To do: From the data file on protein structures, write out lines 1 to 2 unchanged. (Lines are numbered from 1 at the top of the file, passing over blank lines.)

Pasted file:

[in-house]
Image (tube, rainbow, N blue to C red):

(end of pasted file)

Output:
[in-house]
Image (tube, rainbow, N blue to C red):